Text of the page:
June 06, 2019
Save your money on private school – DNA will decide whether your child does well at school not quality of education, leading geneticist claims
Plomin is basically right. But a disorderly school can prevent a child from acquiring the knowledge he needs to pass exams. So that would normally require either a move to an area with better government schools or sending the kid to a private school.
But for many people top exam results are not sought. Medium achievement may be more socially acceptable and a pleasant, safe and peaceful school environment may be the aim. But again moving or going private may be needed in some areas.
But most important of all for many parents the main aim is not educational at all. The main aim is social. Will the kid meet at school people who will be useful to him in later life? And private schooling is the big solution to that.
And most important of all is status maintenance. Your family has to be rich to use a private school so that usually means that you would like your son to marry a girl from a similarly elevated family. And private schools are VERY good for that. The sons tend to marry the sisters of their fellow students -- who are almost always very "suitable"
A leading geneticist has told parents they don’t need to send their children to top schools like Eton – because genetics has already determined how well they will do in academics.
Robert Plomin, a professor of behavioural genetics at King’s College London, said prestigious schools ‘don’t add anything’ to children’s grades.
Speaking at the Hay Festival, he said that a child’s success is pre-determined by their genes, and ‘nature’ plays a much larger part in our lives than ‘nurture’ or external environmental factors.
When asked why a parent would spend money sending their child to Eton, he replied: ‘The reason why education is universal is literacy and numeracy are innate – children need to learn to read. We’re talking about what makes them different. So the issue is do differences in the quality of school make a difference in outcomes like GCSE scores or getting into universities?
‘There’s a correlation there – kids who go to selective schools have a GCSE score that is one full grade higher than kids who go to comprehensive schools. That’s a correlation though and correlations don’t necessarily imply causation and in this case they don’t.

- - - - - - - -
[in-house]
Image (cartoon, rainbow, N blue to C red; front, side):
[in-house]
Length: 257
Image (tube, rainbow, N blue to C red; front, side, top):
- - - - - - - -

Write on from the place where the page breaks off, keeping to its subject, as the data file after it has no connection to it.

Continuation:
‘If you correct for what the schools selected on, there’s no difference in GCSE scores. It’s a self-fulfilling prophecy. If you select the very best kids academically, yes they go on and do well. But have you added value? The answer is no.
‘So why send your kids to Eton? Don’t. If all you’re doing it for is educational achievement. But if you scratch the surface and talk to the parents it isn’t just for that. It’s for reasons like ‘I want them to be with the right sort of people, I want them to get access and credential, more than actual achievement.
‘But achievement itself – they [Eton] don’t add anything. Schools matter – kids have got to learn all this stuff. But do they make a difference? The answer is no.’
Eton, which costs £42,500 a year in tuition fees, has seen the likes of David Cameron, Eddie Redmayne and Boris Johnson grace their halls. Prince Harry and Prince William also attended the college.
But Professor Plomin argues they would have achieved the same grades if they had gone to a public school.
In his book, ‘Blueprint: How DNA makes us who we are’, he writes: ‘Students select schools and are selected by a school in part on the basis of the students’ prior achievement and ability, which are highly heritable.
‘Students in selective and non-selective schools differ in their DNA. Because the traits used to select students are highly heritable, selection of students for these traits means that students are unintentionally selected genetically.
‘Even though schools have little effect on individual differences in school achievement, some parents will still decide to pay huge amounts of money to send their children to private schools in order to give their children whatever slight advantage such schools provide.
‘I hope it will help parents who cannot afford to pay for private schooling or move house to know that it doesn’t make much of a difference in children’s school achievement.’
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